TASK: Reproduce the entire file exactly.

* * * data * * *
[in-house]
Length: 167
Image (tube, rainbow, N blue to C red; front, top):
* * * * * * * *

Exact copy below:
[in-house]
Length: 167
Image (tube, rainbow, N blue to C red; front, top):